May 25, 2016
The U.S. Patent and Trademark Office (PTO) is to review UCB's patent for its epilepsy drug Vimpat, the latest round in a legal battle between the Belgian pharmaceutical company and generic rivals.
U.S. pharmaceuticals group Argentum Pharmaceuticals, which challenged UCB's patent, said in a statement late on Monday that the PTO had granted approval for a review of the sole remaining U.S. patent of UCB's Vimpat drug, due to expire in March 2022.
The PTO had concluded that Argentum had established a "reasonable likelihood that it would prevail" in showing that certain claims made by UCB in the patent are "unpatentable", Argentum said, adding a decision was likely within a year.
UCB shares fell more than 6 percent in Brussels on Tuesday to a nine-month low.
This is just the latest in a legal battle over UCB's epilepsy drug Vimpat, which had sales last year of 679 million euros ($759 mln), of which about three quarters were in the United States.
UCB filed a number of lawsuits in 2013 against generic drug companies that were planning to make their own version of Vimpat. The Delaware district court, which has grouped the lawsuits, is expected to deliver its verdict in June.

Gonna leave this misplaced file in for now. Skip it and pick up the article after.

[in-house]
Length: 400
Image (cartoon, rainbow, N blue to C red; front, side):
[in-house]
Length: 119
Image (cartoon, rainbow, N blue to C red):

UCB said it was aware of the latest development and that it remained confident that its patent for Vimpat was valid and would be upheld.
Argentum, a generic drug maker, said it works with pharmaceutical companies to reduce the cost of prescription drugs by challenging patents that they consider are not innovative and artificially support high drug prices.
Its shares were down 6.1 percent at 63.79 euros at 0945 GMT, one of the worst performers in the FTSEurofirst 300 index of leading European stocks.
Jan De Kerpel, analyst at KBC Securities, said the market had assumed the patent would hold and that this had served as a wake-up call, even if it was not the start of legal action.
"They have not won anything but the PTO has accepted that it will review it ... In my opinion the district court decision is more important. It is higher up the hierarchy and it is imminent, most likely in June," he said.
(Reporting by Wout Vergauwen; Editing by Philip Blenkinsop and Susan Fenton)